Technology has been difficult the past couple of weeks. I know in computer years my original laptop is easily eligible for retirement, but it’s been hanging in there, so I had hope it might keep going. It is, technically, still going, but it’s been doing increasingly odd things, so I opted to take advantage of the tax-free weekend for back to school shopping at the beginning of August and pick out a new one.
I knew I was fairly dependent on my computer, what with doing all my writing on it, but I had no idea how bad it was until this incident. The week leading up to my purchase, I was praying my original laptop would hang on just a little bit longer, all the while imagining the little problems that might arrive if it were to die before I could get a replacement.
What if I got a whole chapter in and the laptop fried before I could insert my flash drive? Had I remembered to download that ridiculous English project video from 2009? Where was my phone? If I lost my phone and my computer died, I would have no way of contacting the outside world!
So I did my research, found the closest modern equivalent to the model I already had (because I hate change), and popped on over to Best Buy that Friday night to get my tax-free laptop. I was in and out in ten minutes. Easy!
The new one wouldn’t turn on when I got home. I naively hoped it might just need a little time to charge, despite all my research having indicated this model was supposed to start up instantly.
Nothing happened. Not even after nearly 24 hours on the charger. So I got to make a second trip to Best Buy and exchange it for a functioning laptop. At least the customer service guy was able to assure me that the behavior of my first purchase was definitely unusual.
I should hope so.
When I got home I was relieved my replacement immediately came to life, but halfway through the set-up, I realized I could not download everything because the wi-fi in my building had gone down while I was at work. And they don’t fix that sort of thing over the weekends.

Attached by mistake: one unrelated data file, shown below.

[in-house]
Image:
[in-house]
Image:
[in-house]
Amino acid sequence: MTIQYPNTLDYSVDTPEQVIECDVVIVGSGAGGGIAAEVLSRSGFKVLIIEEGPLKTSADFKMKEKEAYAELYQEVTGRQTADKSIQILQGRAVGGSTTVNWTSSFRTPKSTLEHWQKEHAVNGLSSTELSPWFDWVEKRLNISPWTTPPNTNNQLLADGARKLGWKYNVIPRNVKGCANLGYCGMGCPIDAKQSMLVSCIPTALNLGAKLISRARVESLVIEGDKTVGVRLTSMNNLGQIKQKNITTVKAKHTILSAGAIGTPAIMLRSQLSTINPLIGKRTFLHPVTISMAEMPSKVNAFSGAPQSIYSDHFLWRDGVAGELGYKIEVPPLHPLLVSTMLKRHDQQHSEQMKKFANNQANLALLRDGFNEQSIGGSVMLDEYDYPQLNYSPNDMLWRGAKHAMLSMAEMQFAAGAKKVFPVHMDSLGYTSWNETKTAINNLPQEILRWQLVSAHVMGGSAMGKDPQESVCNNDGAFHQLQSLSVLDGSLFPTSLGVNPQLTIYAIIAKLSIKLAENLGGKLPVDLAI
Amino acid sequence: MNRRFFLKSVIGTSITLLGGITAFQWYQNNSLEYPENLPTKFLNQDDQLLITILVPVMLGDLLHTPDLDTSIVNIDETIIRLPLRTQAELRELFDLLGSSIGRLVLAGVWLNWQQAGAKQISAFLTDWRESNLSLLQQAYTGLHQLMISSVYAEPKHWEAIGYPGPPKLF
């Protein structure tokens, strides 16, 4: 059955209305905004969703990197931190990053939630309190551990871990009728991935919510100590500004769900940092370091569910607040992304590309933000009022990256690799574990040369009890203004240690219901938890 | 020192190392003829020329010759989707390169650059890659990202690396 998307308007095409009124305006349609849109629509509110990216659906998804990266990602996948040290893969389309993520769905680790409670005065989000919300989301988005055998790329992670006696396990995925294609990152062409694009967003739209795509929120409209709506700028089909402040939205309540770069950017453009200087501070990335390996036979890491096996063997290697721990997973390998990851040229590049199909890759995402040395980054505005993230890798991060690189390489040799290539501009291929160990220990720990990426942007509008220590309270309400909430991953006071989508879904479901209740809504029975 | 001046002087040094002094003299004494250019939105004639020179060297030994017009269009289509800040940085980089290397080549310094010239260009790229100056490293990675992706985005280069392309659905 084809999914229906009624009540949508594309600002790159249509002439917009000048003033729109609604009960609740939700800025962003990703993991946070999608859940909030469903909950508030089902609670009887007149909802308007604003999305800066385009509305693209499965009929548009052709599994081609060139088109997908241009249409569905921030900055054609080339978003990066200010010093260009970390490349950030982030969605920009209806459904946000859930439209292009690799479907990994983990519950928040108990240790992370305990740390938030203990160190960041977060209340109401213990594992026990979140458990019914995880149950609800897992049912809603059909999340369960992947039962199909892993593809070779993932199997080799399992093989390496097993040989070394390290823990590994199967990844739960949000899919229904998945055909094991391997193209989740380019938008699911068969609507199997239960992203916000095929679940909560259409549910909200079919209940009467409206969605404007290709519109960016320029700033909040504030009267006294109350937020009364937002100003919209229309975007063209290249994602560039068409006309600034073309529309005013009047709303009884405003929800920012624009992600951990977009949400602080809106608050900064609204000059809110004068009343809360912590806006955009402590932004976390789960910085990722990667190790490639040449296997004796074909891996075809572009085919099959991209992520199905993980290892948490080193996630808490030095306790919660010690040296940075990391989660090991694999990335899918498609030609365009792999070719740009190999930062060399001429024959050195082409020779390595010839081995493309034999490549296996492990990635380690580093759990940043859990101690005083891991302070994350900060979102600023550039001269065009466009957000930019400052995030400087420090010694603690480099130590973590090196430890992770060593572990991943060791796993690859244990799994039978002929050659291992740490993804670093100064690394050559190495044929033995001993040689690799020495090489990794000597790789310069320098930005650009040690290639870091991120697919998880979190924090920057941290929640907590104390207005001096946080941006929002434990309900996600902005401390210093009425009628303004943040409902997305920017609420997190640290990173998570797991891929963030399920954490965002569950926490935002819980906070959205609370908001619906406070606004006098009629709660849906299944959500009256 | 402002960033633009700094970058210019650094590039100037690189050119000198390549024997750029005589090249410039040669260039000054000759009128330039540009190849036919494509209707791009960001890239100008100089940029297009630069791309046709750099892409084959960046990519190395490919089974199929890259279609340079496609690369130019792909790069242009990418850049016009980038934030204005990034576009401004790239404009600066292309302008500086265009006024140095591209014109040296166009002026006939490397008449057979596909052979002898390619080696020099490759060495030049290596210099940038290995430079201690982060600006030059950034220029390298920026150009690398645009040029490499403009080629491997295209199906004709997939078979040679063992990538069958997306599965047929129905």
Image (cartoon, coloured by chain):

Hence the missing post from last Sunday.
Irritating as that was, I tried to look on the bright side. At least I could still write. But I had to count on my original laptop to stay alive while I did, because I hadn’t been able to download the software to the new laptop yet. And I couldn’t research or fact-check details as I wrote.
When I needed a break from writing, I couldn’t check Facebook to see what other people were up to. I didn’t know if I was missing any emails. And I couldn’t turn to Pinterest, which is what I usually do to distract myself from problems only time can fix. Fortunately, the book I won in a Goodreads giveaway had arrived, so I did have something I could do.
The good news is everything was back on track Monday! I finished downloading and setting up all the software on my new computer, played around a little to learn the new features, and I’m well on my way to creating just as an unhealthy a dependency on it as I had on my previous laptop.
Now, after all of that, you might ask, why not just use your phone? That is because my phone is my one, small form of rebellion against this technologically dependent world. It is strictly a communication tool with no ability to tempt or distract me from the people or task in front of me. It is ancient, it is only capable of making calls and texts, it has neither a touch screen nor any form of internet connectivity whatsoever, and I love it.
And, as you can tell from this story, I need some way of sticking it to the machine-man. Because whether we like it or not, technology has taken over our lives and how our society functions. We have to draw what lines we can.